The Need for Speed: Experts Say Ukraine Shows US Must Act, React Quickly in Acquisition

More than two years after Russia started its all-out invasion of Ukraine, U.S. leaders have noted many lessons learned from the brutal conflict, from the value of airpower and drones to integrated air defense to weapons production to electronic warfare.

In a June 6 event hosted by the Center for New American Security, current and former defense acquisition leaders said there is still another truth to be gleaned: the speed of technology and ability to respond quickly to new developments show that the U.S. must accelerate innovation and tap into commercial off-the-shelf systems.

“The overriding lesson of Ukraine is as soon as one side will do something, the other side is quick to counteract it, and that cat-and-mouse game shows the speed” that can be achieved “under necessity,” former House Armed Services Committee chair Mac Thornberry said.

While the U.S. doesn’t face the same pressures as Ukraine, Thornberry added, it must seek to match its velocity in fielding new capabilities, even when not in a hot war.

“We’re a whole lot better at recovery than we are being prepared ahead of time,” Thornberry said. “The problem is, we’re not going to have time to recover if we get into” a major conflict.

“Speed, speed, speed, again,” he added.

Ellen Lord, former undersecretary of defense for acquisition and sustainment, said that Ukraine shows how essential it is to tap off-the-shelf commercial products and the vast expertise available in civil technology.

“What I think Ukraine has taught us is that commercial technology is absolutely critical, whether it be video from satellites, or all other kinds of sensor modalities, to all of the drones,” she said. If Ukraine did not have access to that commercial technology, “I don’t believe they would be in as strong a position as they are today.”

On top of that, Lord noted that the volume of commercial technology has made a difference too.

“Quantity has a quality all of its own. So an 80 percent solution in quantity makes a difference,” she said.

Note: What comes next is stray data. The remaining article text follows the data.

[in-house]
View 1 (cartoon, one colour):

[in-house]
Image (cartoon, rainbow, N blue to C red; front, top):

Heidi Shyu, undersecretary of defense for research and engineering, said that while “a lot of lessons learned were taken from Ukraine,” Russian president Vladimir Putin has clearly united NATO.

“Every single country is putting a lot more focus on defense and adding a lot more money,” said Shyu. NATO partners are “doing exactly what we’re doing,” in quickly fielding new equipment and helping Ukraine adapt systems to quickly respond to new Russian tactics.

“I think what it has brought us a lot closer together as allies and partners, which is incredibly important, because in any conflict in the future, it makes us much stronger.”

Thornberry said the single most useful thing Congress can do to help speed the acquisition system is “flexible funding.” He and Lord noted that the multiyear system of setting requirements and putting new programs in the budget is incompatible with the needed speed for adaptation. Changes in software, for example, can’t come in years, but in “days … hours,” Lord said.

Shyu agreed that some funds are needed in the year they are appropriated for things that couldn’t be foreseen when the budget was crafted, and Lord noted that this was one of the key findings of the Planning, Programming, Budgeting and Execution (PPBE) Commission, which she co-chaired, and which published its two-year study on acquisition reform earlier this year.

Congressional adds to offices such as the Defense Innovation Unit, which funds prototyping and experiments, is “a hopeful sign,” said Lord. Shyu noted that Congress has gone out of its way to fund programs that small businesses can compete for, and noted that one such initiative has grown from $100 million to $300 million in three years.

“If you give me more, I can help more” small business break into defense work, she said.